Fig and Rhubarb “Palacinche”. Wine match: Odoardi “Valeo” 2007 (Calabria). Acacia honey and dried apricot.
Lemon “Biancomangiare” with Brown Butter Dates and Pistachios. Wine match: house-made Limoncello liqueur. Very pungent lemon flavour, with high alcohol burn.
Chocolate Delizia “Sotto Cappello” with Salty Cashews. Corte Sant’Alda Recioto della Valpolicell 2004 (Veneto). Plum jam, coffee, dark cocoa, and tobacco.
We spent nearly five hours at dinner, yet it never dragged. It was a terrific experience. Afterwards, we needed a walk, so we strolled up to Eataly (www.eataly.com), another of Chef Batali’s ventures, to have a look around.
Eataly is a market mixed with food shops and restaurant stations. One of the neatest things, and something that feels so veryNew York City, is that Eataly has a vegetable butcher. Once you have purchased your veggies, you can bring them to a guy who will cut, chop, and/or dice them to your specifications while you have a glass of wine or a coffee at the bar. That’s customer service, all right.
For a complete change of pace on Sunday, my last day in town, we headed up to Harlem for Gospel Brunch at Sylvia’s Restaurant. Sylvia Woods is called “The Queen of Soul Food”, and her restaurant has been serving it up for nearly 50 years. The place has become a neighbourhood institution. It has made it onto the tour bus itineraries as well, so there weren’t many locals eating, but that did nothing to diminish the experience.
As soon as we sat down, we received a basket of fresh biscuits (and a second one after that). The sweet tea was included, and spot-on. After that, it was down to the business of eating.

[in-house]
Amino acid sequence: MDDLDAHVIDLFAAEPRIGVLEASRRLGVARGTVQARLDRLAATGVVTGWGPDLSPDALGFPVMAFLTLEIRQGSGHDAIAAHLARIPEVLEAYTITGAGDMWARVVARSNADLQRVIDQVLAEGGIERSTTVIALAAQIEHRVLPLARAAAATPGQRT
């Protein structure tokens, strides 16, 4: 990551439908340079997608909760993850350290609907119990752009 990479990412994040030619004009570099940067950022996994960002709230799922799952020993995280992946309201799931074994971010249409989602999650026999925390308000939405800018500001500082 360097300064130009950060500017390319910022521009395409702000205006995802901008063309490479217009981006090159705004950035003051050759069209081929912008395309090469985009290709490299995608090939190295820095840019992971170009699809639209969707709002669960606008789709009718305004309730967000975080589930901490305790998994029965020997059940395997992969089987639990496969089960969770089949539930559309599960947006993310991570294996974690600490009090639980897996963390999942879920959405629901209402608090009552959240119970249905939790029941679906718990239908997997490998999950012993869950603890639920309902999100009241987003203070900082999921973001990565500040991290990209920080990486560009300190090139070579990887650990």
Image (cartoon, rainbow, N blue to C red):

For the description alone, I had to get Sylvia’s World Famous, Talked About Bar-B-Que Ribs with Sylvia’s Sweet and Sassy Sauce. Who could resist that? For my two sides I ordered macaroni and cheese, and black-eyed peas, which, the menu notes, are flavoured with smoked turkey. Of course they are.
To finish up, I had to get a slice of Double Chocolate Cake. It was so moist and rich, I thought about ordering an insulin shot to go.
My meal was just about as far from Babbo’s refined creations as it’s possible to get, and yet it was equally satisfying. It’s not called soul food for nothing.
This being Gospel Brunch, there had to be gospel singing. A woman with a great voice did her custom versions of “Amazing Grace” and “Oh Happy Day”, while greeting restaurant patrons, and asking where they were from. You don’t have to be a believer to feel uplifted by someone singing with passion, and this woman raised the spirit of the room, no matter the hometowns of its occupants.
I was so taken with Sylvia’s Sweet and Sassy Sauce, that I decided to spend $25 to check my bag (don’t get me started on the ridiculousness of this fee) in order to bring some home. With a big bottle of sauce, a full belly, and a refreshed soul, I hopped on the M60 bus to LaGuardia airport. The trip to NYC was over, but these vagabond shoes will be back as soon as they can be.